Remember Army Major General Antonio M. Taguba? He was the author of the original report that detailed the torturing at Abu Gharib.
“Here . . . comes . . . that famous General Taguba—of the Taguba report!” Rumsfeld declared, in a mocking voice. … Taguba, describing the moment nearly three years later, said, sadly, “I thought they wanted to know. I assumed they wanted to know. I was ignorant of the setting.” In the meeting, the officials professed ignorance about Abu Ghraib. “Could you tell us what happened?” Wolfowitz asked. Someone else asked, “Is it abuse or torture?” At that point, Taguba recalled, “I described a naked detainee lying on the wet floor, handcuffed, with an interrogator shoving things up his rectum, and said, ‘That’s not abuse. That’s torture.’ There was quiet.”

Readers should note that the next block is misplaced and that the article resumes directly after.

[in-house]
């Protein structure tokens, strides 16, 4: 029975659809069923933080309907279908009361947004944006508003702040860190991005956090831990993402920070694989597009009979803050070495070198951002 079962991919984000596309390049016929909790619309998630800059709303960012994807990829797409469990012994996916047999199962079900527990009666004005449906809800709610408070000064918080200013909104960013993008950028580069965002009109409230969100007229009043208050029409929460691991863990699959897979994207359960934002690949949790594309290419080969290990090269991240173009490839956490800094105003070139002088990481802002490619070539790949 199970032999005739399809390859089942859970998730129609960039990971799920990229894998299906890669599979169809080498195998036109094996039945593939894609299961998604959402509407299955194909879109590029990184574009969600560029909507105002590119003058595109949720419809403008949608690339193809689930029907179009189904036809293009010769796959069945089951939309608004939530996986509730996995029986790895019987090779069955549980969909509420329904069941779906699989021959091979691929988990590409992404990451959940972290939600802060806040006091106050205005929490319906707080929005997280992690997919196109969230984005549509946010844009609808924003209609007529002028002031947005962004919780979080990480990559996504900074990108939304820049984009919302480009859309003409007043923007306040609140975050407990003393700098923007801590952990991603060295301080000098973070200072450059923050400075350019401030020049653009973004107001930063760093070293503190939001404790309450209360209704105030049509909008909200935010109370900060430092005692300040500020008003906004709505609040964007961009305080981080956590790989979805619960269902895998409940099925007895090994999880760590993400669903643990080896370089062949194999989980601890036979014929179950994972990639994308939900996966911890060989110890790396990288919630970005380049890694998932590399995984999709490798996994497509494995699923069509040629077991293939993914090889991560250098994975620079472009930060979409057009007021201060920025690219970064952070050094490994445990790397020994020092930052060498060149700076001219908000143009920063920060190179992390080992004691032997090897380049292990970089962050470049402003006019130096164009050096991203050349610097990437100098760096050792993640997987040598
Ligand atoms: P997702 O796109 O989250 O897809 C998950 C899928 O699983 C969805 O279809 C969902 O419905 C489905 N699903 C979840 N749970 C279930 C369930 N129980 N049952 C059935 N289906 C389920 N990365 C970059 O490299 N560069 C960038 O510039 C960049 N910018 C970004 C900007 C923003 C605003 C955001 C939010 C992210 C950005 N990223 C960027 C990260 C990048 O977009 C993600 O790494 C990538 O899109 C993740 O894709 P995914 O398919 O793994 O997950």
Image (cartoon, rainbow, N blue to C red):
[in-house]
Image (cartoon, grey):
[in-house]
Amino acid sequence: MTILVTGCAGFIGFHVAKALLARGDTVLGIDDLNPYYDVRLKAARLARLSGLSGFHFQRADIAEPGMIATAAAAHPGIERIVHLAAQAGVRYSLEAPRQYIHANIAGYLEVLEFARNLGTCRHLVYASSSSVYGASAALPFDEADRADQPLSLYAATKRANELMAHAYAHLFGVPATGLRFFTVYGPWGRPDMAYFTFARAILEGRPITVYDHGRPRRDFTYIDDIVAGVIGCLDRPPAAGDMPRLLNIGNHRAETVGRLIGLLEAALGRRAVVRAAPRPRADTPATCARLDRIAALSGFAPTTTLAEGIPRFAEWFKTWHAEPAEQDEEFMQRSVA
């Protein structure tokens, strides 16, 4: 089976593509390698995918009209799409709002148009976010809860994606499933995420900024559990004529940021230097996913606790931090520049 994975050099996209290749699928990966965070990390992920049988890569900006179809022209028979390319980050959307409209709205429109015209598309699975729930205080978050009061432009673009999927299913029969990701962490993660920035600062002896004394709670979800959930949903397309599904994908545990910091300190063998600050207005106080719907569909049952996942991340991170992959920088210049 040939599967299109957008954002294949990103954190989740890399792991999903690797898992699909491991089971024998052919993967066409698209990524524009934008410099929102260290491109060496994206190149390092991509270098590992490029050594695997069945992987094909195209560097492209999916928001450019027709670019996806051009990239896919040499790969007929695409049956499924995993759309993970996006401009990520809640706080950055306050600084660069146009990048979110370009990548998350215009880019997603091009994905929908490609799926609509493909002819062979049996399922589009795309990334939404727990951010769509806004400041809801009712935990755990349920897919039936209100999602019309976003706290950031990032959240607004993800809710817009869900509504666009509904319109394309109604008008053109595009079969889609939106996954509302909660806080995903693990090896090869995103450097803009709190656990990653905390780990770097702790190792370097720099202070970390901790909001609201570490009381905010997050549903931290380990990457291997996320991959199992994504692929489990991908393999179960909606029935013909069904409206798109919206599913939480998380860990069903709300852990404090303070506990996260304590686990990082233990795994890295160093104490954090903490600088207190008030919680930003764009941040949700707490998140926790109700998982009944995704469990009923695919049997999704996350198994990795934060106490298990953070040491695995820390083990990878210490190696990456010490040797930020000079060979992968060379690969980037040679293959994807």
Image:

In January of 2006, Taguba received a telephone call from General Richard Cody, the Army’s Vice-Chief of Staff. “This is your Vice,” he told Taguba. “I need you to retire by January of 2007.” No pleasantries were exchanged, although the two generals had known each other for years, and, Taguba said, “He offered no reason.” “They always shoot the messenger,” Taguba told me. “To be accused of being overzealous and disloyal—that cuts deep into me. I was being ostracized for doing what I was asked to do.”